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What We Learned from Week 8 of the NFL Season

A Packers home loss to lowly Minnesota. Pittsburgh toppling the Ravens in Baltimore to stay undefeated. The Dolphins and the Bengals pulling off wild upsets behind rookie quarterbacks. The theme of Week 8 was to expect the unexpected, though the Jets proved to be a stabilizing force by losing to Kansas City in as ugly a fashion as predicted.

Here’s what we learned:

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  • The Vikings may be rebuilding, but they’re all set at running back. Minnesota has taken its share of abuse during a rough start to the season. But General Manager Rick Spielman has repeatedly rejected the idea that the Vikings are rebuilding, regardless of the team’s defensive woes, because no team with a running back as good as Dalvin Cook is rebuilding. Cook proved Spielman’s point — emphatically — in a 28-22 upset victory at Green Bay. Cook ran for 163 yards, picked up another 63 through the air and scored four touchdowns. Minnesota’s defense came out of nowhere to fluster Aaron Rodgers down the stretch, and while the Vikings’ record improved to only 2-5, the team earned some N.F.C. North bragging rights.

  • The Steelers are for real. Despite being the last undefeated team in the N.F.L., the Steelers had faced some lingering questions about how good they really were. Those questions will probably fade after the Steelers held on for a thrilling 28-24 win on the road in Baltimore. The Steelers conceded 265 yards rushing to the Ravens, but forced Lamar Jackson into several mistakes. Jackson, the reigning N.F.L. most valuable player, was intercepted twice and lost two fumbles. Baltimore still had a chance to win in the final seconds, getting all the way to Pittsburgh’s 23-yard line while trailing by 4 points, but Jackson’s final pass fell incomplete as time expired.

    The Steelers have now matched their 1978 squad for the best start in franchise history, and the team would undoubtedly like it noted that it won the Super Bowl that season.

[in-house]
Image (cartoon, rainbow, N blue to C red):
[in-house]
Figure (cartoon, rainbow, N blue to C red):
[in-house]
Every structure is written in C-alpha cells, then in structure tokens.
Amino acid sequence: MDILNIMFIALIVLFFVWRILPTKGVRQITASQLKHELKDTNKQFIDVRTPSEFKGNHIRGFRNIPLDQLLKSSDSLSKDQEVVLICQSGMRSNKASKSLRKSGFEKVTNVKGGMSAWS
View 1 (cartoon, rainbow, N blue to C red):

ImageAt 5 feet 7 inches, Jakeem Grant of the Dolphins is one of the N.F.L.’s shortest players, but size was not an issue on an 88-yard punt return for a touchdown that helped Miami build an insurmountable lead.
Credit…Wilfredo Lee/Associated Press
  • Tua Tagovailoa didn’t win as much as Jared Goff lost. On the second play of his first start, Tagovailoa of the Dolphins was welcomed to the N.F.L. by the Rams’ Aaron Donald, who ripped the ball out for a strip-sack turnover. Los Angeles capitalized with a touchdown on the ensuing drive, but then Goff self-destructed. He threw two interceptions and lost two fumbles, which allowed the Dolphins to reel off 28 consecutive points in a 28-17 victory. As the wheels fell off for Los Angeles, Miami rose up as a team. The Dolphins scored on a 78-yard fumble recovery and an 88-yard punt return in addition to a pair of touchdowns from the team’s offense. Tagovailoa completed just 12 of 22 passes for 93 yards, but his career record is 1-0 just the same.

  • Joe Burrow is going to be special. He’d had good statistics in several games this season, but Burrow showed just how great he could be in the Bengals’ 31-20 win over the favored Titans. He outplayed Ryan Tannehill and put up enough points that a 112-yard game from Tennessee running back Derrick Henry didn’t matter. A pair of fourth-quarter touchdown passes were exactly what Cincinnati needed to secure its second win of the season, but Burrow will be on highlight reels for a meaningless third-down play (above) in the third quarter that went for just 7 yards. Under intense pressure, he spun his way through two would-be sacks and escaped to get positive yardage on a play that looked as if it would lose as many as 10. Cincinnati punted on the next down, but the play will stay in the heads of opposing pass-rushers.

Credit…Carlos Osorio/Associated Press
  • Darius Leonard has great timing. The superstar linebacker for the Colts had been out with a groin injury since Week 4, but returned just in time. Indianapolis was clinging to a 20-14 lead in the fourth quarter and Detroit had reached the Colts’ 25-yard line. Leonard then burst into the backfield, knocking the ball out of Matthew Stafford’s hands for a fumble that was recovered by the Colts’ Justin Houston. The stomach punch to the Lions’ morale was extreme and the Colts were able to dominate the rest of the way in a 41-21 win that improved the team’s record to 5-2.

  • The Jets cannot be underestimated. Gang Green came into the day as 19.5-point underdogs, and the team proved that it could do even worse than that in a 26-point loss to Kansas City. Patrick Mahomes threw for 416 yards and five touchdowns — which seemed a bit excessive — and the Jets fell to 0-8 for just the second time in franchise history. The futility matched the 1996 Jets, who finally won in Week 9. A “Monday Night Football” matchup against the reeling Patriots is theoretically the best bet for a win for this year’s Jets as well. It’s not a good chance, mind you, but it is probably the best one the Jets will have if they want to avoid going 0-16.

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